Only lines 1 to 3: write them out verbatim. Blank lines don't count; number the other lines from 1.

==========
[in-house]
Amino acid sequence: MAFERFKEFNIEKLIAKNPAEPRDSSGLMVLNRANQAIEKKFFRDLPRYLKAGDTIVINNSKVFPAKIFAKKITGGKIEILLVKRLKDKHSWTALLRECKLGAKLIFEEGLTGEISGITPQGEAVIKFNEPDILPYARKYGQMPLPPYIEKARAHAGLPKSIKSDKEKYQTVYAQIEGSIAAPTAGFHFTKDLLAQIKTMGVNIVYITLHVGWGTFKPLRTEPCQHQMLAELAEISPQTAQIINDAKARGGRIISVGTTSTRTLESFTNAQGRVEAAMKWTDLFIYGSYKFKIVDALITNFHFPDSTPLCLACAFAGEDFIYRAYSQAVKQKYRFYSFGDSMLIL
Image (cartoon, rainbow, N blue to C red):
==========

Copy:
[in-house]
Amino acid sequence: MAFERFKEFNIEKLIAKNPAEPRDSSGLMVLNRANQAIEKKFFRDLPRYLKAGDTIVINNSKVFPAKIFAKKITGGKIEILLVKRLKDKHSWTALLRECKLGAKLIFEEGLTGEISGITPQGEAVIKFNEPDILPYARKYGQMPLPPYIEKARAHAGLPKSIKSDKEKYQTVYAQIEGSIAAPTAGFHFTKDLLAQIKTMGVNIVYITLHVGWGTFKPLRTEPCQHQMLAELAEISPQTAQIINDAKARGGRIISVGTTSTRTLESFTNAQGRVEAAMKWTDLFIYGSYKFKIVDALITNFHFPDSTPLCLACAFAGEDFIYRAYSQAVKQKYRFYSFGDSMLIL
Image (cartoon, rainbow, N blue to C red):